I'm responding to this because:
1. Your question needs an answer, so at least this response will bump it to the top and hopefully get some attention, and,
2. I'm stupid. I've heard of most words, and made up a bunch of others, but have no clue as to what tentany is all about. If I had to guess I would say it is a muscial term meaning "rhythym established in a small jazz combo by tapping quickly on a cymbal with an old shoe" or something like that.
Oh yes, and:
C. I would like to know the answer as well.
Anyone got any help for this?
This is caused by hyperventilation. I haven't had it before but I know someone who did and it took quite a while (a few hours) for her to come right. Her hands went like a claw.
I want to say "try to relax" but I know that is too hard. Try not to fight a panic attack. Let it wash over you and say "do your worst". It is good you phoned 911 the first time as now you know it there is nothing wrong with your physical health.
this happened to me yesterday i have never been so terrified 24 hours later im still trembling good luck to you
This actually happened to me last night. The ER nurse said it was due to hyperventilation. My hands started tingling, then my chest, my mouth, lips and my hands and arms contracted into this weird claw like position. After I was in the ER it went away after about 6 minutes or so, but my hands were very twitchy afterwards.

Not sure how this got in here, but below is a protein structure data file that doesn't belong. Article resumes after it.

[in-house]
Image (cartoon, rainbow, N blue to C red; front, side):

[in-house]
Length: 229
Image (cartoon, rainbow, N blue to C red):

I also had a tetany episode, where my fingers got all stiff.
I have had panic attacks in the past, but this occurred when I had a high fever. I guess the anxiety from the high fever caused me to hyperventilate thereby setting off the tetany.
When I got to the ER I could not move my hands nor my feet and I had tingling sensations around my face. I got injected with muscle relaxants and they took a CAT-scan of my head. My mobility came back a few minutes later. It was really scary.
Now I am battling anticipatory anxiety of this and have tingling toes and fingers now and then. Hopefully it will go away.
Well unfortunately it is not uncommon in people with anxiety and it is something I have suffered with many many many times...to the point that I no longer actually fear this I just let it pass..."if you resist it will persist" doesn't sound easy and when it's happening it is very very scary. I first experienced this however long before my anxiety started ...during sex and at the time I had no clue why my hands were 'stuck' in a awkward position and my lips felt like they were almost curling up around my teeth...I have learned that is it because of the way we are breathing that causes this to happen (which explains the bedroom incident) best way to get it to go away, very conscious slow breathing from the diaphram...it helps me every single time. I have also learned over the years that you can almost feel it coming on when it is still much more mild...ie hands become funny feeling and start to want to curl into the claw again but with the breathing it has been 100% successful for me to stop it in it's tracks...may not work for everyone but it has been a life saver for me.